2- Balance – Football is a game where balance is important. Balance keeps you on your feet and keeps you moving forward. Balance gives leverage to stand against opposition and win the battle on the line. It is important to have good balance if you are going to succeed as a football player. You need to understand your center of gravity and how to keep from stretching yourself too far. Stretching too far leads to you being taken down. The same is true in our Christian life. Minter talks about Jesus being like our center of gravity. Staying close to Him keeps us balanced. When we stray too far from Him, it becomes much easier to knock us down and stop our progress. But God is always close to us. We don’t need to go searching for Him. He is with us and the Bible tells us that if we draw near to Him, He will draw near to us. Is your life feeling out of balance? Draw close to Him, Center your life on Him and let Him help you stay on path toward the goal!

Modern Monday – Fighting For the Underdogs – Andrew Whitworth – OL – Cincinnati Bengals

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Bengals Tackle Andrew Whitworth

Yes, that’s right, I have now named my Monday posts, too. So I have Throwback Thursday posts on Thursdays and Modern Monday posts on Monday. Phew! It only took me half a season.  So welcome to this week’s Modern Monday post.

Today’s post will look at the faith and story of Cincinnati Bengals Offensive Tackle Andrew Whitworth. Whitworth is in his 11th season of life in the NFL trenches after the Bengals made him a second round pick in the 2006 entry draft. The 6’7” giant has played his entire career with the Bengals, starting all but 4 of the games he has appeared in in his career. He has twice been an All-Pro and has been selected to 2 Pro Bowls as well. And he has even caught the only pass thrown to him in his career – for a touchdown no less – in a 2010 game against the Pittsburgh Steelers. Check out the highlight of the catch here.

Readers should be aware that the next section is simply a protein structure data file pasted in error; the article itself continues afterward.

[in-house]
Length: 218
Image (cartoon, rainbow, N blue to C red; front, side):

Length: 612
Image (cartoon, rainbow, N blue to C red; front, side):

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Andrew Whitworth’s one career reception was for a TD against the steelers in 2010

And while his impact on the field has been significant, his impact off the field has been even more notable. Shortly after starting his NFL career, he also started the BigWhit77 foundation which strives “to help assist and provide mentorship for high school seniors that are seeking financial assistance in getting a higher education and how to be leaders in their classrooms and communities.” Through the foundation, Whitworth also offers “financial grants to families going through the adoption process”.  There is also a program to provide after school care for at-risk youth and a Christmas program to help families in need. In this article from BayouLife.com  “Whitworth said the foundation is his way of staying connected and having a positive impact on the community that gave him the foundations he’s needed to succeed both on and off the field.”

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Whitworth, as a tackle, is tasked with protecting quarterback Andy Dalton (14).